Russian Society and Foreign Policy: Mass and Elite Orientations After Crimea
Taylor & Francis
Most Russians applaud the official narrative that Russia has reemerged as a great power. Yet they increasingly disagree with the assertion of the Kremlin that the United States is a looming external danger and a subversive force in Russian domestic politics. In line with these opinions, many Russians balk at the costs of confrontation with the West, demonstrating the initially limited and now waning political significance of the “Crimea euphoria” (or “Crimea effect”) and “rally ‘round the flag” phenomena. Russian elites often differ from the general public in their stronger backing for a more assertive foreign posture. Nevertheless, such preferences are frequently moderated by the apprehension that Russia will neglect domestic modernization indefinitely if its foreign policy is confrontational.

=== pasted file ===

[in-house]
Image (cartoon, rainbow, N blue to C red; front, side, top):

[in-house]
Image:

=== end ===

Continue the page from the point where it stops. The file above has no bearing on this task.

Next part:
Foreign Policy, Russia
Thomas Sherlock (2020) Russian Society and Foreign Policy: Mass and Elite Orientations After Crimea, Problems of Post-Communism, 67:1, 1-23, DOI: 10.1080/10758216.2018.1561190